|What's a cookie blog without the cookie monster doing it right?|
A cookie is a thin, usually sweetened, small cake that is hand held, and can be either crisp or soft. The name cookie is from the Dutch word koekje, meaning small cake. Some historians believe that the first cookies were used as tests, and a small amount of cake batter was used to test over temperatures and the recipe. It can be baked or fried, and is seen in almost every country in the world.
The first record of what we'd call a cookie was in the Persian Empire (modern day Turkey and Iraq) around 600s CE, and made with honey. These cookies were usually only for the wealthy who could afford the flour and time to make these things. We can thank the Muslim invaders of Spain and the Crusaders heading to the holy land for giving Europe a taste of the good life. They brought the spices and recipes needed to improve some seriously boring cooking.
Many cookbooks of the 1400s detail how to make cookies, such as German springerles, or little jumpers, because these cookies rise while cooking. It's a anise-flavoured cookie first mentioned in 14th century, and usually is imprinted with designs or images of horses or biblical scenes with special rollers or molds.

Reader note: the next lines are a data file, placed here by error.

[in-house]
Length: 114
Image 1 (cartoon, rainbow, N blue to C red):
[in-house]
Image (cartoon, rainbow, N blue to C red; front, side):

|The delicious taste of Christianity.|
|Cookies fit for an Emperor...or a 21st century cookie fiend.|
My personal favourite is the chocolate chip cookie. It has its humble beginnings during the American Great Depression. Ruth Wakefield of Whitman, Massachusetts ran the Toll House restaurant with her husband from 1930 to 1967. One day she messed up a chocolate cookie batch when she ran out of cocoa and put hunks of baker's chocolate into it thinking it would melt. It did not but it tasted darn good. She called it the Chocolate Crunch Cookie.
|Ruth Wakefield my hero|
A huge thanks goes to Sweet Tooth Design, who has done a ton on the history of cookies, and baking in general.